This afternoon I entered the Chandrasekhar Room at 1 PM to do the first part of my candidacy exam, and I am now officially a second year PhD student! It’s quite hard to believe it’s been a year. Looking back on that year, it was a time of growth, change, and learning, and for the most part I had an absolute blast.
One thing that I wanted to do was see just how much time grad school would take out of my life. I’d heard horror stories of 100-hour weeks, little-to-no social life, and scant opportunities for important self-care like cooking, working out, and maintaining relationships. Since I was coming from a consulting job where I was used to billing hours in 15-min intervals, it wasn’t hard to me to log my hours spent each day (I gave myself a break and only did it to 30-min intervals). Now that’s it been a year, I have a full set of data showing how much time I spent!
So how was it? Well…variable. I took an extra elective class every quarter during the academic year, and at times that was hard to juggle. I thought when summer came around I would have so much time to do research, but I struggled with the lack of routine and found it hard to motivate myself to keep a strict schedule. It was also hard to figure out where the boundaries of time off vs work were in the summer, as I traveled quite a bit and took time off.
Here’s what it ended up looking like, in both daily and weekly hours:
The purple line in both cases shows the average over the entire year. Definitely not 100-hour weeks! While I was regularly doing 50-hour weeks in the Autumn Quarter, that tapered down over the course of the year. Of course, by the time summer rolled around, my time plummeted a lot, and this ended up pulling down the yearly average to 37.1 hours. My average workday (so excluding weekends/holidays) was 7.28 hours. Looking at those averages by quarter:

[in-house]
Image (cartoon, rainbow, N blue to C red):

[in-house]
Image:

(Sep 25, 2017 – Dec 8, 2017)
(Jan 3, 2018 – Mar 17, 2018)
(Mar 25, 2017 – Jun 9, 2018)
(Jun 17, 2018 – Sep 22, 2018)
Some things to keep in mind: Firstly, I have always strongly valued work-life balance, and I have had several years practice in perfecting that balance. I know how to leave even when there is work left to be done (as long as it isn’t urgent), and I prioritize other things besides just school in my life. Secondly, to the best of my ability, this represents time actually spent working. It excludes lunch breaks, long periods of time getting distracted on reddit, and other such things, even if I was sitting in my office. Thirdly, I have depression and anxiety, which sometimes makes it difficult to function as effectively as I would like, and at times that affects my productivity.
As far as how effective I was in that time, well, that’s a bit subjective. I passed all 9 of my classes, I am working on 2 different papers from my research, and no one laughed me out of the room at my candidacy exam today (although I haven’t gotten the official report yet), so while I definitely could be doing more, I don’t think it’s been a failure by any means.
Since I’m already in the habit, I plan to continue my hours-logging for the next year as well!